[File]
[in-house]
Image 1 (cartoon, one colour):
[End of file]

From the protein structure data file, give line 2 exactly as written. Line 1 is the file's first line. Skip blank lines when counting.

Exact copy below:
Image 1 (cartoon, one colour):